I’ve moved my office this week. From the pokey back room with no view and mottled shag pile, I’ve relocated to our big timber kitchen table, which fills one end of the living room. From here I have large windows on three sides and a constant view of trees, garden and sky.
It’s Autumn and the tree outside the glass back door glows as though lit from within, its leaves infused with a rich mellow light, and red and amber stains throughout the foliage.
The chatter of birds rises and falls; the only other sound apart from my fingers on the keys. Two fat pigeons are bobbing and crooning at one another outside the window, content to soak up the last stretches of late afternoon sunshine.
Around me is the detritus of family life; toys and a guitar, string and sticky tape from a craft project, school notes, a pair of shorts Ollie decided not to wear yesterday and Darcy’s jumper flung hastily on the back of a chair.
On one of the crowded bookcases sits the forlorn figure of poor Snotty, the stuffed blue elephant who now requires delicate reconstructive surgery after falling fowl of Tommy the Jack Russell who loves a good chew.
It’s a silly place to sit really. When the children are home they watch television in this room, do their homework at the table and bring their books here to read. I have to clear all my papers, empty tea cups and scribbled notes off the table at dinner time so we can gather to eat. Yet I keep being drawn back to this spot instead of the office which seems too remote and separate from life to really be useful for writing.
Writing never happens in isolation. It never happens just when I’m at the computer. I write in my head while I’m choosing mandarins at the grocer, listening to my son tell me about his wicked sick flips at the skatepark, or stirring the gravy to make sure the lumps dissolve.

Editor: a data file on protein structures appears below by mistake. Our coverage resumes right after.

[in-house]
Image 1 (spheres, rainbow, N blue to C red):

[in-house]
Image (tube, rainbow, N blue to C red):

I’m writing when I’m driving the kids to school; their part-time jobs and after-school activities; when I’m peeling potatoes for dinner and wondering where the hell all the matching socks disappear to.
I’m writing when I see my toddler nephew’s fascination for life, when I hold one of my kids as they laugh or cry, when I look at the sun in the trees on a day like this, or when the man I love looks into my eyes.
For me writing is constant. It’s only the typing that happens intermittently. The committing to paper of ideas born sometimes from the mundane, sometimes from wonder and emotion. I do some of my best writing horizontal, eyes closed, on the bed. This reflection sets the tone and the mood for the words which will come later, often on a laptop at the kitchen table, amid the chaos and color and joy that is life.